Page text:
Stepping Heavenward

Stepping Heavenward is a semi-autobiographical novel about a young woman’s spiritual growth from her teens through her twenties.  Lots of people really love this book, including Elisabeth Elliot, who wrote that she suggested this book to men to better understand their wives.

This perplexes me, because I did not love this book, nor even particularly like it.  I certainly would never recommend it to a man, given that men tend to have an even lower threshold for treacly 1800s stuff than I do.

The book is not completely awful, and there were points where I thought “Oh yes, this is similar to my experience” but those points were fewer than I expected.  I felt like the book was a lot of repetition, hand wringing, people getting sick, characters introduced and then dying, etc.

Huge caveat: I read this book mostly in snatches at night while nursing a baby and I’m woefully sleep deprived.  The 1800s were certainly fraught with sudden sicknesses and death. Our spiritual struggles are often repetitious, and goodness knows I am personally prone to hand wringing.  Spiritual growth is a personal thing and differs from person to person, so perhaps (and apparently) this book would appeal more to some people than to others.  I feel bad about reviewing it negatively because it’s the sort of book I ought to like.

Have you read  Stepping Heavenward?  If so, what did you like about it?


9 thoughts on “Stepping Heavenward

  1. Don’t you hate it when you don’t love a book you feel you’re supposed to like. I read this (or attempted to and didn’t finish) when I was not sleep-deprived and felt the same feelings you express. I felt bad for not liking it as much as the women who resoundingly suggested it and, given its spiritual nature, felt like I should have been more keen on it. It left me cold, too. You’re not alone.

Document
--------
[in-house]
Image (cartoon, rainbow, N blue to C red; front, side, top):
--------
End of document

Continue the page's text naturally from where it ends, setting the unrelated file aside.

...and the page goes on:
2. I tend to think this book is geared toward a young woman, who I do think would like it more than us grown ups. I read this following the reading of the book about her life, More Love to Thee, the Life and Letters of Elisabeth Prentiss, and so it was less interesting since I knew her life already. I think if I had read this as a teen, looking for how a young woman would be seeking to honor God in her life, it would have meant a great deal. I anticipate encouraging my daughter to read this when she is older.

  3. I also feel kind of “meh” about it. Perhaps I would get something different out of it if I re-read it, but it seemed rather heavy on the suffering end of things, as if God’s sole method of interacting with His children is suffering and chastening and humbling – dreary, painful things. I don’t remember feeling much joy, anticipation, communion or worship while reading it, just despair.

    Not that there isn’t suffering in life – I ought to know! – but I think that when we primarily/solely present God in that way, it is not a well-rounded picture and does not accurately portray His whole heart. And when we misunderstand His heart, it’s so much harder to love and trust Him. At least, that is my experience….

  4. I read this book last year, within months of my 17-year old daughter’s death. It was her own book, and I read it in the wake of suffering the loss of her. It was a precious book. I loved seeing the growth of the young lady, from young and inexperienced to more selfless and deep. She grew in understanding of her husband and how best to be his helpmeet, and how also to communicate with him better. The suffering didn’t strike me as being overdone – perhaps because I’d just had my own share of it, and also because, as you said, suffering from poor health and early death was a very real part of people’s lives in that era.

  5. I picked up this book originally in my early twenties because of Elizabeth Elliot’s recommendation of it. It really struck a cord with me at the time because it brought home the point that I really can decide who I become. My attitudes have lasting consequences. I wasn’t experiencing the drama of the main character’s life to any degree, but I could hear myself in her whining and refusal to own up to what was placed before her. I read it years later as a mom of teens and was particularly inspired by the main character’s mother. She didn’t scream or rant at her daughter’s selfishness, but dealt with her with a firm, quiet love. This example, eventually led her daughter to be able to endure much and their relationship eventually blossomed.
    Monica recently posted..Little Blessings

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